Video courtesy of FAU DoR


About the Environmental Geophysics Lab

The Environmental Geophysics Lab in the Department of Geosciences at FAU focuses on the use of near-surface hydrogeophysical methods to investigate a wide array of environmental issues at both the laboratory and field scales.

The Lab focuses on several major areas of research:





Peatlands Geophysics :  based on the use of non-invasive geophysical methods to investigate peatland morphology, dynamics and biogeochemical cycles (such as carbon). Specific areas of interest include: subsurface imaging of peat sediments and implications for peatland development and evolution; carbon cycling studies in peat soils including quantification of carbon stocks and biogenic gas dynamics (such as carbon dioxide and methane) in peat soils, from tropical to boreal peatlands; electrical, electromagnetic and hydrological properties of peat soils; biogenic gas quantification and determination of the spatial and temporal distribution of ebullition fluxes in peat soils (both at the laboratory and field scales) and their implications for climate change; and effects of sea-level rise for biogenic gas dynamics in peat soils.

Limestone 2


Karst Geophysics :  based on the use of non-invasive geophysical methods to investigate karst environments. Specific areas of interest include: imaging of dissolution features and sinkhole distribution in karst environments; formation and evolution of karst landforms and formations (such as tufa mounds); electrical, electromagnetic and hydrological properties of limestone sediments; determination of physical properties (e.g. porosity and dielectric permittivity) of limestone sediments such as the Miami limestone at both the laboratory and field scales, and their implications for sea-level rise.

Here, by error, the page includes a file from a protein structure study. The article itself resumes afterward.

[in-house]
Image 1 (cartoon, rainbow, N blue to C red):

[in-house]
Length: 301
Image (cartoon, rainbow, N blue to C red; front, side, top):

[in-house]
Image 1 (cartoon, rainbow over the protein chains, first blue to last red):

Critical Zone Geophysics :  based on the use of non-invasive geophysical methods to investigate the critical zone. Specific areas of interest include the characterization of weathering rates and bedrock thickness in the Luquillo Critical Zone Observatory (CZO) using electromagnetic methods.



Other applications :  such as the use of hydrogeophysical methods for archaeological applications and biological studies. Current projects include the characterization of the internal structure of Native American shell mounds in Florida and implications for their origin; or characterization of endangered lizard nests.


Projects range from peat studies in boreal systems in Maine and Minnesota to tropical systems in Indonesia and Ecuador including a wide range of subtropical systems such as the Everglades. Projects related to Karst Geophysics include sites in South and Central Florida, and international collaborations investigating tufa mounds and carbonate dissolution features in several sites across Spain. Several links with further information about some of the Lab's current ongoing collaborations are shown below.

The lab is equipped with state-of-the-art geophysical equipment with an emphasis in electromagnetic methods such as ground-penetrating radar and terrain conductivity and provides hands-on research opportunities for both undergraduate and graduate students. For further information on current projects, people and publications please visit the links above or click here for contact information.



Useful links:

Luquillo Critical Zone Observatory
Methane Cycling in Northern Peatlands (Rutgers University website)
Carbonate Aquifer Characterization Laboratory (USGS website)
Department of Energy, Terrestrial Ecosystem Science (DOE-TES website, summary of projects awarded)
NOAA, Climate Program Office (NOAA website, funded awards)